Upside-down Cake in my Upside-down Life

I’ve been cooking up a storm, but back to school is upon us, and we’ve had some family stuff going on, so time has been a precious commodity.  I just haven’t had the time or energy to write up my creations.  But my favorite cooking season is coming, and with it comes soup, stew, chili, roasts, and a hundred other possibilities.  During the summer I cook most days, but once the work schedule is back to normal, most of my major cooking happens on the weekends. Sometimes, since cooking is my therapy, I do have a burst of energy on a weeknight and get a few things done.  Last night was one of those nights, and cake makes everything better.

I made this masterpiece once before for a dinner and games party we were attending about a month ago.  The recipe is from Good Housekeeping’s June 2016 issue. It surprised me that it was so recent– I don’t remember tearing out the page, and I couldn’t even tell why I pulled it; the other recipes included cocktails and a tzatziki sauce, which are also right up my alley.  But I’m sure glad I tried this recipe, because it’s a winner.

When you flip this cake out of the skillet, the gorgeous summer fruit will be on display. Try using the following measurements for the stone fruit of your choice:

1 1/2 lbs. peaches, peeled, halved and cut into eighths OR
3/4 lb. cherries, pitted and halved OR
1 1/2 lbs. plums, halved and cut into eighths

PREP: 0:25
YIELD: 10 servings

  • 3 tbsp. plus 1/2 c. (1 stick) butter, softened
  • 1/2 c. packed light brown sugar
  • Choice of fruit (see above for measurements)
  • 1 1/2 c. all-purpose flour
  • 2 tsp. baking powder
  • 1/4 tsp. salt
  • 1 c. granulated sugar
  • 3 large eggs
  • 1 tbsp. vanilla extract
  • 1/2 c. whole milk


  1. Preheat oven to 350 degrees F.
  2. In 12″ heavy skillet with oven-safe handle, melt 3 tablespoons butter on medium, swirling to coat side of pan. Sprinkle brown sugar evenly over butter and continue to cook 1 minute. Remove from heat. Add fruit, cut sides down, to fill entire bottom of skillet.
  3. In a large bowl, whisk flour, baking powder, and salt. In another large bowl, with mixer on medium speed, beat remaining 1/2 cup butter and granulated sugar until light and fluffy, scraping side of bowl occasionally. Beat in eggs, 1 at a time, then vanilla until well blended. With mixer on low, beat in flour mixture and milk, alternating, until just blended.
  4. Pour batter over fruit in skillet; gently spread into even layer. Bake 35 to 40 minutes or until toothpick inserted into center comes out clean. Cool cake in skillet on wire rack 15 minutes. Loosen sides of cake from pan with mini offset spatula or paring knife.
  5. Place large serving platter over skillet. Carefully invert cake onto platter and remove skillet; cool slightly to serve warm or cool 2 hours and serve at room temperature.
Nutritional Information (per serving): Calories 360; Protein 5g; Carbohydrate 53g; Total Fat

The first cake I made with plums, which I picked up on clearance at Woodman’s.  I felt like cutting the fruit into eighths was too large, but I followed the directions for a change instead of following my instincts.  (Turns out eighths was perfect, and I’ll explain why in a minute).  The only skillet we have that we know is oven-proof is cast iron, so that’s what I used.  The butter and brown sugar melted beautifully, and I managed to arrange the fruit quite artfully.  The stone fruit is recommended in this cake because it has the density to stand up the the hot pan in step one, as well as 40 minutes in the oven in step 4.  Leaving it in large slices helps keep it from disintegrating while baking.  I used 5 plums, and they were on the large side, so the slices looked pretty thick.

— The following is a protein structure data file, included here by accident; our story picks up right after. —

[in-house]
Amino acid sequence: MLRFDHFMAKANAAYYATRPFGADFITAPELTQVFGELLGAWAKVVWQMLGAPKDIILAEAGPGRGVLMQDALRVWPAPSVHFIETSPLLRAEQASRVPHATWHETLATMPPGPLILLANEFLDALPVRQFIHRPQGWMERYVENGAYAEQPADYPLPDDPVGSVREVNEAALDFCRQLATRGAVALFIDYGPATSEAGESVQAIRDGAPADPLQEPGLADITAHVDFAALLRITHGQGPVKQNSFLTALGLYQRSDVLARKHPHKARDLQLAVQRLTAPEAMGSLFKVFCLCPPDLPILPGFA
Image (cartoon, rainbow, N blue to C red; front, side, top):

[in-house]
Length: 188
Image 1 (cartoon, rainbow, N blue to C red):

The cake batter came together perfectly.  It is a thicker consistency, more like a pound cake batter, so it took some careful spreading to get it to cover the fruit without moving the slices around.  I think the cake baked for about 35 minutes.  I was worried that it would bubble over, but it rose just enough and stayed exactly put (measure your baking powder precisely, and it wouldn’t hurt to line the bottom of the oven with foil or a baking sheet just in case). The cake turned the most beautiful golden brown, but it looked very dry.  Don’t worry!  Once you flip the cake out of the skillet, it is sweet, moist, and gorgeous!


I wouldn’t change one thing about this recipe, and I can’t begin to describe how it tastes.  Sweet and caramel-y, but well-balanced from the neutral flavor of the cake (shocking to me, because a cup of sugar seems like a lot for the volume of batter produced.  I made this cake again for no occasion at all, except that I bought some peaches at the farmer’s market and wanted to see if my first attempt was beginner’s luck.


It was not beginner’s luck!  This cake is so user-friendly, but I have to give a shout-out to Husband, because flipping this pie out of the cast iron definitely takes four hands. Tendinitis has weakened one of my wrists, and I just don’t trust that I’d be able to handle the weight of the skillet and the giant glass platter on my own.  So Husband flipped and I supported the platter as the cake released (2 for 2 with nothing sticking in the pan).  Make this cake! Because it’s easy, because it’s beautiful, because it’s delicious.  Because it’s the end of summer and the fresh fruit is waning.  But mostly, because it’s cake!


2 thoughts on “Upside-down Cake in my Upside-down Life

Leave a Reply

Fill in your details below or click an icon to log in: Logo

You are commenting using your account. Log Out /  Change )

Google photo

You are commenting using your Google account. Log Out /  Change )

Twitter picture

You are commenting using your Twitter account. Log Out /  Change )

Facebook photo

You are commenting using your Facebook account. Log Out /  Change )

Connecting to %s